At RaceWire, Michelle Chen writes that Haiti, a place “where buildings have been known to suddenly collapse on their own, even without the help of a natural disaster,” was still trying to recover from the severe tropical storms last spring that leveled hundreds of schools and left tens of thousands homeless.

Now the situation is desperate. “There will be an outpouring of sympathy across borders, a spasm of humanitarian aid,” Chen writes. But “will there be an attitude shift in the power structures that have long compounded natural disaster with politically manufactured crisis?”

‘Supporting the right kind of aid’

For those in Haiti, outside help is crucial. The country is in need of search and rescue volunteers, field hospitals, emergency health, water purification, and telecommunications. To ensure that you are supporting the right kind of aid—”the kind that builds local self-resilience, strengthens the local economy, and fosters local leadership,” as Sarah van Gelder details for Yes! Magazine—donate to one or more groups with a proven track record, such as Doctors without Borders, Grassroots International, Partners in Health, and Action Aid, among others.

Hip-hop artist and Haitian native Wyclef Jean has led efforts to help Haiti for years through his charity Yele Haiti. Jessica Calefati at Mother Jones reports that Yele spends $100,000 a year on athletic programs for Haitian children and helps feed 50,000 people a month with food donated by the UN. When Jean received word of the disaster, he immediately acted, sending a “flurry of tweets” for people to donate $5 by texting 501501. He has already returned to Haiti to help.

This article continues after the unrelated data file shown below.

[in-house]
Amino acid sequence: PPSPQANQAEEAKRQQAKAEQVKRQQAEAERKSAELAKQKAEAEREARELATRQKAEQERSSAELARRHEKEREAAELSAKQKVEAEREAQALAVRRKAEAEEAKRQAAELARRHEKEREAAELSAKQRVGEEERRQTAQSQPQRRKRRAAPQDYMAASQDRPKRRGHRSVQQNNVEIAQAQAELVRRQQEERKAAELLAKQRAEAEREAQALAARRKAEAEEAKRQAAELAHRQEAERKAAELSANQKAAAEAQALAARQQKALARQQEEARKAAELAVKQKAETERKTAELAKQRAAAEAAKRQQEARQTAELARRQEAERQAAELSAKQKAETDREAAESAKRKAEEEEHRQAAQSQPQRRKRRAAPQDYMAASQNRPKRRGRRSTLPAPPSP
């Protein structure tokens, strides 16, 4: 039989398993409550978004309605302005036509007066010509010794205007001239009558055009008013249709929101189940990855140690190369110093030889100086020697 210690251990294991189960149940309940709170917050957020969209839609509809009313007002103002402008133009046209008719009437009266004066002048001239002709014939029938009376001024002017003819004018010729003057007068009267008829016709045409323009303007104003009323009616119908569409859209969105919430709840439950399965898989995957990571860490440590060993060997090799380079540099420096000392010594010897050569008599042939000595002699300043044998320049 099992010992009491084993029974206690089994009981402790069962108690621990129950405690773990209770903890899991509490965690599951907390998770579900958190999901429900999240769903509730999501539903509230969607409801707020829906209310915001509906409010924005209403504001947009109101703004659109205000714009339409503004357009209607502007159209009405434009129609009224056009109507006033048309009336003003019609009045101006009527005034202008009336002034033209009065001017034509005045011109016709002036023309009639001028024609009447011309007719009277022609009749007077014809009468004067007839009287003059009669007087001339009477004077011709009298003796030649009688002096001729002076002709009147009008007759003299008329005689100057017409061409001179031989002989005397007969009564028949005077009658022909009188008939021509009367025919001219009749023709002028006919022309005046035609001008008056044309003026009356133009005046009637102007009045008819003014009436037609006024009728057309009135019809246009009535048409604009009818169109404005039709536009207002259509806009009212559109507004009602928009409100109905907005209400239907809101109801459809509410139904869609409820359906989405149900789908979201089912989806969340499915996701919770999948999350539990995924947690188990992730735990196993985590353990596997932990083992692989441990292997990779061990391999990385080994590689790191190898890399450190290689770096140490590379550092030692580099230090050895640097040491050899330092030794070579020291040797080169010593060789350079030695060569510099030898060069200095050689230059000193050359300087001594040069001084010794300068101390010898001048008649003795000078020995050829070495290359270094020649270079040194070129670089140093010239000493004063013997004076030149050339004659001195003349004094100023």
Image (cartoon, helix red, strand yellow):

How you can help

For more details about how you can donate effectively, check out Yes!, Mother Jones, Care2, and The Nation’s roundups. You can also watch Free Speech TV’s action update video for more information.

GritTV aired a segment on Haiti featuring Danny Glover, Marie St. Cyr, and a performance by the Welfare Poets. The video (below) covers the devastation in Haiti after the quake as well as the state of the country prior to the crisis:

How not to help

For an example of how not to help in a time of crisis, take a look at televangelist Pat Robertson, who claimed yesterday that the quake was Haiti’s payback for a “pact with the devil” that slaves made to obtain independence from French colonials. As a rebuttal, Afro-Netizen points out how Haiti’s liberation greatly benefited the United States, and Tracy Viselli at Care2 writes that “if there is a god, Pat Robertson is one of the devil’s pied pipers.”